Governor Andrew Cuomo: (38:24)
And the federal law doesn’t say anyone who calls gets money. Federal law says when the person calls, they have to certify the following 57 things before you can give them a check. All this information that you have to, get all this information that you have to certify. That’s all in the federal law. The states then have to handle literally millions of claims and meet all those certifications. It crashes the website. It crashes the new website. We literally have the people from Google who come in to redesign a website to handle this volume.

Governor Andrew Cuomo: (39:05)
Every state is going through this. Our response rate is much, much better than any other state. But if you haven’t gotten your check, none of that matters. I understand that. The good news is when, you’re not losing any money because when you get your check, it’ll be for the full amount, but you still don’t have the check today. And all that matters to you is you want that check in your hand today because you need it. I get that. We have made tremendous progress in a very short period of time, but again, no one could have seen this coming, if no one would have built a website and an office apparatus to handle millions of calls when you never expected it to happen. But we have reduced dramatically the wait time and the response time. Melissa may have some updated facts on this.

Melissa: (40:08)
Yeah, just to punctuate the governor’s point, in the last financial crisis, we had 300,000 lost jobs in the entirety of the 2008 crash. So when people say, “You’ve experienced these past crises, why weren’t you ready for this one?”, we were ready for this one. We’ve handled six times that in the first seven weeks of this crisis. We processed 1.8 million claims. The Department of Labor later today will announce that we’ve now released $7.4 billion to roughly 1.7 million New Yorkers who are struggling with unemployment and on the pandemic unemployment insurance the governor referenced, which was the new unemployment insurance that the federal government announced several weeks ago, that then they originally said, you have to apply, get rejected, reapply, and we put out a streamlined process before any other state in the country.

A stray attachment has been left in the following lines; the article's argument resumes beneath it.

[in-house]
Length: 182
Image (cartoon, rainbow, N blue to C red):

Melissa: (40:49)
We’ve now paid out 330,000 of those claims, so we are making tremendous progress. The Department of Labor is going to have an announcement later today on the forfeiture days, which has been another issue that I know many are confronting, that I think is going to go a long way towards giving people confidence in the system and we’re continuing to work at it.

Governor Andrew Cuomo: (41:06)
I’ll tell you what’s a cheap shot, though. First, everybody knows nobody could have expected this. And when you have 1.8 million claims when in 2008 you only had 300,000, right? Which was the last fiscal disaster, financial disaster. 300,000 in 2008. This is 1.8 million. What’s going to happen two months from now? I’ll tell you what the cheap shot will be from a politician. A few months from now when this is over, they’ll find someone who got the benefits, who didn’t deserve the benefits. Right? And they’ll say, how did you give that person an unemployment check? They didn’t deserve the unemployment check. You gave away the taxpayers’ money unfairly. That’s what they’re going to say. They’ll get one person or two people.

Governor Andrew Cuomo: (41:56)